Institute for the Research of Medieval He-Brew Poetry
INSTITUTE FOR THE RESEARCH OF MEDIEVAL HE-BREW POETRY
INSTITUTE FOR THE RESEARCH OF MEDIEVAL HE-BREW POETRY , institute for compiling, examining, selecting, and preparing for scholarly use the poetic and liturgical material contained in various manuscripts. It also assembled the works of the most eminent poets and paytanim. It was founded in Berlin in 1931 by S.Z. *Schocken and transferred to Jerusalem in 1934. Ḥayyim *Brody headed the Institute until 1942, assisted by A.M. *Habermann, M. *Zulai, and Ḥ. *Schirmann. The institute created the conditions necessary for intensive scholarly work. Its collection includes photographic reproductions of approximately 100 complete manuscripts (approximately 15,000 pages), and of some 4,000 fragments (about 10,000 pages) from the genizah collections of world libraries. The rich library of S.Z. Schocken, which contained dozens of manuscripts, was also made available to the Institute.
The Institute published the following works: Ḥ. Schirmann, Mivḥar ha-Shirah ha-Ivrit be-Italyah (1934); Ḥ. Brody, Moshe Ibn Ezra: Shirei ha-Ḥol, 2 vols (1935–42); M. Zulai, Piyyu tei Yannai (1938); A.M. Habermann, Piyyutei R. Shimon Bar Yiẓḥak (1938); Yedi'ot ha-Makhon le-Ḥeker ha-Shirah ha-Ivrit, 7 vols (1933–58).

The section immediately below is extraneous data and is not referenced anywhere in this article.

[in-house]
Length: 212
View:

[Menahem Zulai and
Jefim (Hayyim) Schirmann]
The activities of the Institute have been continued by Prof. Ezra Fleischer at the Makhon le-Ḥeker ha-Shirah veha-Piyyut (Genizah Research Institute for Hebrew Poetry) at the Jewish National and University Library, Jerusalem, with funding from the Israel Academy of Sciences and Humanities. The examination and description of the most important collections of Hebrew secular and liturgical poetry in Genizah fragments, with the help of the materials of the Institute of Microfilmed Hebrew Manuscripts of the Library, made possible the complete revision and updating of Davidson's Thesaurus, the identification of many new poems and poets, and information and materials for new publications, and was a great help for researchers of Hebrew poetry from all over the world. In the early 2000s the Institute worked on the digitalization of poetry fragments.
[Angel Sáenz-Badillos (2nd ed.)]
Brody, in: ymḤsi, 1 (1933), 9–16; Zulai, in: Alei Ayin: Minḥat Devarim li-Shelomo Zalman Schocken (1952), 83–124.